Introducing, Dr. Michelle Yeoh.
On Saturday, the “Everything Everywhere All At Once” star received an honorary Doctorate of Fine Arts from the American Film Institute in a ceremony at Hollywood’s TCL Chinese Theatre.
Michelle Yeoh Is Very Excited By Andrew Garfield’s ‘Everything Everywhere’ Hot Dog Fingers
The film’s co-directors Daniel Kwan and Daniel Scheinert were on hand to present the honorary degree to Yeoh.
“I think we underestimated just how risky the script was for her,” Scheinert said, according to The Hollywood Reporter. “We’d find ourselves on set and and see Michelle putting her wiggly hot dog fingers covered with condiments into Jamie Lee Curtis’ mouth — if you haven’t seen our movie, that happens in our movie — and we were like, ‘That’s brave.’”
Kwan added, “We’ve seen her, obviously, like do a motorcycle jump onto a moving train and that’s really cool.”
“I think what she did in our movie is braver,” Scheinert joked.
Accepting the degree, Yeoh poked fun at the expectations placed on her by her mother.
“You have made my mother the happiest mother in the world today,” she said. “I think now she actually thinks I’m an adult with a real job. I had to keep telling her, ‘I’m not a real doctor, I don’t write prescriptions, mom.’ But she can go around telling everyone, ‘My daughter is a doctor.’”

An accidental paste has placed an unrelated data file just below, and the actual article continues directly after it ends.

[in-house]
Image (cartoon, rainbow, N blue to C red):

Michelle Yeoh Says ‘Everything Everywhere All At Once’ Script ‘Blew Her Mind’
She also spoke about her early career, and transitioning from being a ballet dancer to a martial artist and actress, which included a lot of training in how to fall, before learning how to fight.
“I was convinced I was being pranked. I was like, ‘When do I get to do the real stuff: the jumping kick, the roundhouse kick?’” Yeoh recalled. “And they said to me, ‘How are you going to go up if you don’t know how to come down?’ That lesson sticks with me to this day. I had to learn how to fall.”
She continued, “After I learned how to fall, I could learn how to fly. What I want to share with you today is that our slips and stumbles are the secrets to our flight. Every person who has ever stepped on the stage has had their fair share of crashes. Trust me, that’s part of the deal. Success without failure is called luck.”